There's no shame in recognizing that you have a problem with adult bedwetting. In fact, accepting that your body is not functioning the way you'd like it to is the first step towards treatment - and you'll be happy to hear that real, effective treatments are available. Simply put, there's no reason why anyone shouldn't have a dry night - and that includes you. It's worth noting that bedwetting in adults is actually different than what children go through.
Adult Bedwetting Causes And Treatments | NAFC
Nocturnal Enuresis - Bladder & Bowel Community
Posted by Jennifer Hines. Bed-wetting also known as sleep enuresis and urinary incontinence is a fairly common condition in young children and is seen as a sign of an immature, developing bladder. In fact, most doctors don't consider bed-wetting in children to be a sign of a problem unless the child is older than seven years old, or the child has begun wetting the bed again after six months of maintaining overnight bladder control. However, when adults wet the bed it is often an indication of an underlying illness, disease, or a symptom of other untreated medical conditions. For adults, wetting the bed can not only be a devastatingly embarrassing condition, but it is often a sign of other medical troubles.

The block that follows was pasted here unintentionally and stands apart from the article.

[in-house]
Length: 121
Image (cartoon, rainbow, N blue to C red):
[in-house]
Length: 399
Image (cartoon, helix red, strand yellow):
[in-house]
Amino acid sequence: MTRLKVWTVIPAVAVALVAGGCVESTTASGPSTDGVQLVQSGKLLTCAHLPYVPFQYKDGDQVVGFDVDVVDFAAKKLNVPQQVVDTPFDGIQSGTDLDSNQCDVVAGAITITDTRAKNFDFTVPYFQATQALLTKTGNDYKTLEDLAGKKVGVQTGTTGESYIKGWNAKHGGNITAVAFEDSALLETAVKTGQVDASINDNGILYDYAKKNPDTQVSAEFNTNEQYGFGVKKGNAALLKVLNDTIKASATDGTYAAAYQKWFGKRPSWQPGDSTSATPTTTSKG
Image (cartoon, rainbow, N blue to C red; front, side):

Adult Bedwetting (Enuresis)
Bed-wetting is often associated with childhood. Indeed, up to one-quarter of children experience problems with nocturnal enuresis, or urinating while asleep. Most children grow out of the condition when their bladders become larger and better developed.